allies, is helping to diminish the appeal of terrorists and 
other violent extremists who challenge national security 
interests. Addressing the problem of failed and failing states 
is a particularly important challenge. As was demonstrated in 
the case of Afghanistan, such states have all too often served 
as terrorist sanctuaries. Thus, efforts to identify and 
ameliorate conditions that contribute to state failure are an 
important part of U.S. foreign policy. The United States is 
committed to fighting terrorism with a long-term and 
comprehensive strategy that integrates all the tools of 
statecraft--not just economic, but also law enforcement, 
intelligence, military, and diplomatic.

 Questions Submitted for the Record to the Honorable Collin L. Powell, 
           Secretary of State, by the Honorable Nancy Pelosi

    Question. You will be losing extraordinarily talented and 
dedicated Federal workers as they transfer over to the new 
department. Don't those employees deserve the same civil 
service protections in the new department as they now currently 
enjoy?
    Answer. No State Department employees would be transferred 
to the Department of Homeland Security under the President's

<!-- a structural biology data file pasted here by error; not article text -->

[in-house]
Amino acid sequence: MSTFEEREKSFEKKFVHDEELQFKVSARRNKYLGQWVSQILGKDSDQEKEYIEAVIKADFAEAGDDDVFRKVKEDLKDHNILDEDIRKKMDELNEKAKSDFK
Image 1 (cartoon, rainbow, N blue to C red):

proposal.

  Questions Submitted for the Record to the Honorable Collin Powell, 
          Secretary of State, by the Honorable Rosa L. DeLauro

    Question. This legislation gives you the power to refuse a 
visa if you deem it ``necessary or advisable in the interests 
of the United States.'' How will the State Department 
coordinate with the Department of Homeland Security to look 
over visa applications to determine whether one should be 
refused? Who determines if an application will be bumped to 
State for review, or will they all go to your department? Who 
will resolve the conflict if the Secretary of Homeland Security 
disagrees with your recommendation, or do you have final veto 
power?
    Answer. [A response was not received in time for the 
printing of the hearing. The response, when received, will be 
retained in the Select Committee files.]

 Questions Submitted for the Record to the Honorable Donald Rumsfeld, 
           Secretary of Defense, by the Honorable J.C. Watts

    Question. Five to ten years from now, how do you envision 
the military acting as a supporting Federal agency to 
mitigating or helping America recover from another act of 
catastrophic terrorism?